Natural Gas Production
Since mid-2011, natural gas production has increased even though there are fewer natural gas-targeted rigs in operation.
The U.S. Energy Information Administration, or EIA—in its “Short-Term Energy Outlook,” that was released in February 2015—reported that dry natural gas production is set to increase to 72.80 billion cubic feet, or Bcf, per day in 2015 and to 74.38 Bcf per day in 2016. In 2014, the EIA expects the US to produce 70.17 Bcf per day of dry natural gas.
As a point of reference, the EIA believes natural gas production averaged an estimated ~69.3 billion Bcf per day during the first half of 2014. In keeping with the trend, US dry natural gas production surged 5% in December 2014 over the previous month.
In contrast, the number of natural gas rigs has continued to decline over the past three years. From ~930 in October 2011, the count is now down to ~300 as of February 2015.
The EIA’s preliminary data show that natural gas production growth is set to continue into 1Q 2015. Higher production in the Marcellus, Eagle Ford, and Utica is driving the trend. Some key energy companies that will benefit from higher production in these shales include CONSOL Energy (CNX), EOG Resources (EOG), Chesapeake Energy (CHK), and Pioneer Natural Resources (PXD). For broader exposure to the energy market, investors might consider the Energy Select Sector SPDR ETF (XLE).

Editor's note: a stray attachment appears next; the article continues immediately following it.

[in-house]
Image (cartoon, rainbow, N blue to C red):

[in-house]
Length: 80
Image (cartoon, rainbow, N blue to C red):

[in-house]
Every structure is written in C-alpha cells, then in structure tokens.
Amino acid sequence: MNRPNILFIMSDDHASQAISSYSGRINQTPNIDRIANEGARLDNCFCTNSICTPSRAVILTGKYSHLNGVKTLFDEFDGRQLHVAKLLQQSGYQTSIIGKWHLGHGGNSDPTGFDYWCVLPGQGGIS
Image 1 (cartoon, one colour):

A Counterintuitive Trend
A number of factors combined to develop this trend. First, while companies have targeted oil because it’s more profitable, most oil wells also have significant natural gas production. So, increased oil-targeted drilling has contributed to higher levels of natural gas production.
The declining number of oil-targeted rigs in the past four months will eventually lead to lower natural gas production. But it may take a few quarters before any noticeable decrease occurs.
Another contributing factor is the development of super-prolific areas like the Marcellus Shale. Wells in the best areas of these plays have extremely high natural gas production rates. They also have very low costs per unit of production. This makes drilling them profitable—even when gas prices are low.